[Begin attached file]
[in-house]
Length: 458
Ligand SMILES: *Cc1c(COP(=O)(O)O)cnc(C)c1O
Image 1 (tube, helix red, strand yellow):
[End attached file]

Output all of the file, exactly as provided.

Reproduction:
[in-house]
Length: 458
Ligand SMILES: *Cc1c(COP(=O)(O)O)cnc(C)c1O
Image 1 (tube, helix red, strand yellow):